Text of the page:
Teach your child about sexuality, relationships, and other teen issues
Begin by asking your local school system what type of Family Life Education (human sexuality) they offer. Keep in mind that you should think ahead of the stage your child is in. Sexual issues should address the child’s biological age.
Our Whole Lives helps participants make informed and responsible decisions about their sexual health and behavior. It equips participants with accurate, age-appropriate information in six subject areas: human development, relationships, personal skills, sexual behavior, sexual health, and society and culture. Grounded in a holistic view of sexuality, Our Whole Lives not only provides facts about anatomy and human development, but also helps participants clarify their values, build interpersonal skills, and understand the spiritual, emotional, and social aspects of sexuality.
SIECUS educates, advocates, and informs. They help schools and communities develop comprehensive sexuality education curricula, train teachers to provide high quality sexuality education in the classroom, and help parents talk to their kids about sex. They educate policymakers and their staff about issues related to sexuality and train advocates on the local, state, and national levels to build support for comprehensive sexuality education and access to reproductive health information and services. They produce countless resources for a wide variety of audiences—from policymakers to parents, healthcare providers to teens—to ensure that everyone has access to accurate, complete, and up-to-date information about sexuality.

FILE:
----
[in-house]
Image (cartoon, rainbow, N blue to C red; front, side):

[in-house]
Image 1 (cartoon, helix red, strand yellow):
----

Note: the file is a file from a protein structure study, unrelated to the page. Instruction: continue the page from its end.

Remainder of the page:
Scarleteen is an independent, grassroots sexuality education and support organization and website. Founded in 1998, Scarleteen.com is visited by around three-quarters of a million diverse people each month worldwide, most between the ages of 15 and 25. They provide articles, interactive services, referrals, outreach, mentoring, and leadership.
This guide is a sexuality and sex education resource written specifically for people on the autism spectrum age 15 and up. People on the autism spectrum sometimes don’t have the chance to learn about sexuality and sex in ways that work for them, so OAR created this guide as a starting point to change that.